Not all job opportunities in data science are created equal. I’ve seen hundreds of job descriptions for data science positions that are radically dissimilar. This occurs for a variety of reasons, not the least of which is that many organizations are unaware of what a data scientist does or the benefits of successful data science application.
Certain businesses advertise for a data scientist when, in fact, they require a data analyst. While some believe that a data scientist is a data architect or data engineer, others believe that a data scientist is neither. I was hired by a business to create a database data model! “These are not the data models you seek.” My response: (With due acknowledgement to Obi-wan Kenobi)” — I do not profess to be an architect of data.
Therefore, if you are in the position of interviewing, you will need a keen eye for genuine data science opportunities as opposed to openings that state, “someone told us we needed a data scientist, so we slapped together this description.” Four points to consider when conducting phone or in-person interviews.
Question 1: Why do you believe you require a data scientist?
Although this is not the most critical question, it should be the first. Whether speaking with the CEO, CFO, CTO, or hiring manager, you must truly understand why they believe they require a data scientist. While it is likely that they require some of the skills that a data scientist brings to the table, such as data manipulation and visualization, they frequently conflate or confound various data skills into one colossal term: data scientist.
Typically, data scientists do not design relational database applications or data warehouses. Additionally, data scientists are not software developers in the broadest sense. A data scientist, on the other hand, will be required to query data contained within data warehouses, data repositories, or data silos. Frequently, they will also require data staging from those various silos in order to conduct analysis.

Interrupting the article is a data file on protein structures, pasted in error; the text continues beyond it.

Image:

Therefore, if the hiring team requires someone to design and architect a data strategy, a data scientist is unlikely to be required. Until now, that is. They are not looking for a data scientist if they are looking for someone to build a relational database application, although some may have that skill set. If an organization is looking for someone who can take data from multiple data sources, stage it, and create an associative data model for display and analysis within a business intelligence application, they are not looking for a data scientist. A business intelligence developer possesses this set of skills. And, while many data scientists possess this skill set, it is not the core set of skills and functions that a data scientist requires or will use to perform their work.
Question 2: What business problems do you want the data scientist to address?
This is a critical question because it relates to the first. Chances are, the organization is well aware of its business challenges, but is unsure of how a data scientist can assist. Ascertain that they can articulate clearly how these difficulties relate to data science. Most likely, they require only a subset of the skills that a data scientist possesses, not the “complete package.” They may have been informed by someone that they require the services of a data scientist. Alternatively, they may have read it in a magazine. They should, however, be able to articulate why they require a data scientist rather than, say, a data analyst.